The marketer instinctively is inclined to suggest another approach: Advertising. People probably aren’t choosing Option B as they don’t know about it or understand why it’s superior. The advertising industry is framed around the premise that if you provide the public with the right information and a compelling reason to buy Option B, it will succeed.

Finally, it is the behavioural scientist’s turn. His recommendation is simply to make it easy for people to choose Option B. Create a world in which it’s harder to choose Option A than B. Give people a nudge.

The story elaborates on an incident a few years ago, when Prof. Soman, who teaches a behavioural science course to his marketing students, was in a bar with an economist, discussing choice.

He uses it in his new book, The Last Mile, because it illuminates the struggles that corporations, governments and social agencies face when persuading people to pick the preferred option.

In the past, economics and marketing ruled (with governments, of course, resorting to bans at times). Universities taught that “rational economic man” would make sound choices based on information and price. But now we know that simply isn’t true. First, the number of choices before us can sometimes be bewildering. When Prof. Soman was a kid, he had two choices of bread at the grocery store; now he faces about 60 alternatives. As well, human beings are irrational. We can be nudged, as many behavioural studies show.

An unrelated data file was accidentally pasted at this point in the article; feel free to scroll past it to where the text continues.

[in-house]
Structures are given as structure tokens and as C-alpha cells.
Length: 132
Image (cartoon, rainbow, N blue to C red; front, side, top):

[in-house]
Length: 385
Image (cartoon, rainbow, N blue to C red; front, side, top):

If you’re selling an eight-ounce cup of coffee and a 12-ounce cup, for example, and want to increase sales of the latter, just add a third choice, 16-ounce. When three choices are offered, studies show people prefer the middle one. Context matters.

Prof. Soman says that we need to be alert to behavioural research and figure out how to use it effectively. He calls it the last mile problem. The first mile for organizations are their many activities to get a product to the marketplace, such as R&D and organizational processes. The last mile is when consumers make contact with the product or service – how it is presented in stores or online to them. “We have spent way too much time thinking about the first mile and not enough on the last mile,” he said in an interview.